Direct Current Do’s and Don’ts

Electrical engineers and researchers debate the pros and cons of direct current (DC) vs. alternating current (AC) for mission-critical data centers. CSE: Why even consider DC power for a data center? SULLIVAN: Efficiency is the driving force. Performing the power conversion from AC to DC once for the entire data center, as opposed to at each server, enables a more efficient power conversion.

By Barbara Horwitz-Bennett, Contributing Editor January 1, 2007

Electrical engineers and researchers debate the pros and cons of direct current (DC) vs. alternating current (AC) for mission-critical data centers.

CSE: Why even consider DC power for a data center?

SULLIVAN : Efficiency is the driving force. Performing the power conversion from AC to DC once for the entire data center, as opposed to at each server, enables a more efficient power conversion.

TSCHUDI : We’ve shown that 10% to 20% savings are possible when compared to typical systems. But even more importantly, the first cost should be lower for a DC system, because there are fewer components, which means fewer potential points of failure and more reliability. Furthermore, eliminating the AC feed solves any power quality issues. Since the AC to DC conversion inside the server goes away, the power supply can be made smaller, and there will be less heat inside the server.

GODRICH : When the relatively high cost of operating mission-critical buildings is analyzed, the surprising conclusion is that as much as 30% to 50% of the overall expenses are energy costs.

For example, a test done by Intel shows that in order to supply the power and environment required by a 1U AC-input 300-watt server, 973 watts of power are required. Having determined that the CPUs are ultimately using voltage-regulated modules, power under 2 volts DC supplied through a DC/DC multi-output switcher and/or DC/DC converters, the most efficient solution might be supplying DC power directly to the server racks. At the same time, it would be a huge mistake to think that the server or rack level is the end of the story. The most important thing is to include the DC approach into an end-to-end electro-mechanical approach.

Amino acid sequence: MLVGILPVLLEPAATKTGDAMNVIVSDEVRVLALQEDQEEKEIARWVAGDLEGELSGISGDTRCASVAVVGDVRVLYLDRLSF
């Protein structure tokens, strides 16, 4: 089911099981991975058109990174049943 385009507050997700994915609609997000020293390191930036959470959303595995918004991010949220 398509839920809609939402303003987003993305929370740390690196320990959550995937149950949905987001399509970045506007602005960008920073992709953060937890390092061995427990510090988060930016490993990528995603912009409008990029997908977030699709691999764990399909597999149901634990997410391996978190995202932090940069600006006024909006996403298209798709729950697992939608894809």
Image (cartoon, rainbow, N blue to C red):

LOVORN : I have to disagree about the cost. While some nominal operational cost savings have been reported through the use of DC, the calculations that I have reviewed do not take into consideration the actual losses of modern uninterruptible power supply (UPS) systems, which have much higher efficiencies than that used in the analyses. In addition, the calculations do not consider the substantial losses characteristic of DC distribution systems. By the time one adjusts the numbers for operating costs and then takes into consideration the cost of the massive conductors required to distribute the DC power around a computer room of any size, I do not believe the cost savings gained in efficiency will ever justify the added distribution costs.

CSE: How exactly does a DC power scheme work?

TSCHUDI : Power typically enters the data center at 480 volts AC. In the DC system, it’s converted to 380 volts and then sent directly into the server. The server’s first stage conversion is bypassed, allowing the DC to directly arrive at a point in the server that normally sees 380 volts DC. A flywheel UPS is connected to the 380-volt DC distribution to provide the capability to ride through disturbances or disruptions in the utility power.

LOVORN : There is a single conversation from the incoming power into the data center to DC, at either 12, 18, 24 or 48 volts. The DC voltage is then distributed directly to the server racks, and individual DC voltage converters change the distribution voltage to the many DC voltage levels utilized in a server. When AC power is used in the servers, there is a multi-tap transformer in the server power supply that transforms incoming power into fully rectified AC, which is filtered and converted into the various DC levels for the server.

SULLIVAN : AC-to-DC conversion is done in place of the present static UPS systems. The DC power is then distributed to computer equipment cabinets and subsequently to individual servers, which eliminates the AC-to-DC power supplies in the servers. At the same time, there is still DC-to-DC conversion within the servers to go from distribution DC voltages to operating DC voltages.